Real Change Spokane

Downtown Spokane Partnership and City of Spokane, with help from local partners, encourage you to “Give Real Change” by supporting the causes and organizations that promote sustainable change in the lives of the chronically homeless.

Give real change

Spokane is a compassionate community, and many people give to panhandlers because they think they are improving a life. However, giving spare change to panhandlers is only a short-term solution. It doesn’t create long-term results. In reality, panhandlers make good money because of compassionate people, and as long as they do, they’ll keep asking for more.

If you want to give, support real change by donating to local organizations that make a measurable difference and change lives every day. Contribute to downtown initiatives on public safety, mental health services and job programs for youth, and low barrier housing for adults.  

The best part about donating money to organizations is the whole community benefits. Stopping panhandling improves the downtown experience for everyone and contributes to the economic vitality and overall appearance of our city.

To download a list of organizations that are already making a meaningful change in the lives of homeless people in our community, click here. Consider making a donation or volunteering your time.

About the “Give Real Change” campaign

The campaign focuses on stopping panhandling at the “supply source” in hopes that without the supply the demand will wane. The goal is to educate you about the reality of where your money is likely going while remaining compassionate. Instead, direct your dollars to organizations making measurable change.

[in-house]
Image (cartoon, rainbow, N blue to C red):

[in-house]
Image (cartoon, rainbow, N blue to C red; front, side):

Panhandling won’t go away in a month. To create real, lasting change, our community needs a sustained effort. Your participation will spread this message and over time panhandlers will recognize it’s time to get help.

Fostering a vibrant Downtown Spokane

Urban environments like downtown Spokane attract people from all walks of life. We want people to be eager to live, work and play here. Part of that is ensuring that we connect people who need help with the resources that can make a real difference.

Three initiatives from the Mayor's Task Force on Urban Environment 
  1. Public Safety Initiative has increased the number of police officers downtown and provides for the coordination among the Spokane Police Department, Security Ambassadors and Spokane Transit Authority to make the downtown streets safer. These entities coordinate with youth and homeless service providers to help individuals on the streets.
  2. Youth Initiative helps fund YouthREACH to provide mental health services and case management to youths on the street. It also provides opportunities for youth to train and gain work experience.
  3. The long-term adult Initiative seeks to connect individuals in need with resources and services. Part of this is the implementation of low barrier housing strategies to place high-needs individuals into cost-effective housing. In the short term the City is working towards identifying high risk individuals and ensuring their needs are met through current housing resources. 
Get involved


Share messages on social media

More about chronic panhandling

Newsletter story | Give Real Change
Newsletter story | Why you should stop
Newsletter story | Panhandlers make money

DSP and other nonprofit leaders are availalbe to speak at company and community events about how people can get involved with the campaign and why saying “yes” to local nonprofits helps more than giving change. Contact the DSP at 509.456.0580 to request a presentation. 

Need tips for talking with panhandlers? click here

If you or someone you know needs help finding food, housing or a job, learn more about transformational resources in our community using this list

Many panhandlers are battling addiction, and your money is enabling destructive behaviors. Panhandlers generally know where to seek help but won’t because they have drug and alcohol habits that are not tolerated by local programs.

When you give to panhandlers, you are making it difficult for local organizations to help them improve their lives. Too often, panhandlers won’t say yes to help unless it’s the only option.   Without resources to feed their addiction, many commit to real change.

Panhandlers use a number of techniques to gain sympathy. Just because a sign says “homeless” or “retired vet” doesn’t mean it’s true. Panhandlers will also share a dog (using the dog in shifts) to entice animal lovers.